I personally care about flying fingers because it uses more energy up and lessens the ability to play fast passages due to longer travel time. Anything that makes my hands less tired is a good thing in my book. It may help to visualize if a pianist had flying fingers what impact that would have. Also keep in mind that I’m classically trained on piano/violin and they tend to be more strict on stuff like this so it may be programmed into my brain.

This is my personal view though. If others want to let their fingers soar and don’t mind, then that’s up to them. I definitely don’t think it matters for most casual players. I am indeed a casual player, but it’s just something I’ve chosen to work on to improve. It’s similar to music theory to me. Plenty of top bassists don’t know much music theory and it’s not a requirement, but I choose to understand it better as I think it will personally make me a better bassist. We each have our own journeys.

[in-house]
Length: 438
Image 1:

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It’s hard to say as mot of the example posted are professionals that play very hard, they really dig in to the strings to get their “signature sound”. I’m sure in they play the “unplugged” version it would look much tighter. These guys turn it up to 11 when the play live.

Like everything else, when you are good at something you’d make it look effortlessly flying finger or not. We can’t all look like Scott Devine playing heavy stuffs. Lol

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My index flys occasionally, partly as the muscle is slightly shorter from poor physio after breaking my arm as a kid. It doesn’t bother me and just requires more concentration with my fretting hand.

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I agree with you completely. I don’t know why people argue for playing with poor form, it’s not like it’s hard to play with good form, it takes a little effort at the beginning and then it makes everything easier after that. It’s like typing with 2 fingers or playing trumpet with the middle of your fingers instead of the tips. I enjoy practicing good form, it’s not like it’s a hardship that ruins my enjoyment of playing. Every instrument has some technique you want to pick up early and it’s much more difficult if you dont and have to fix it later.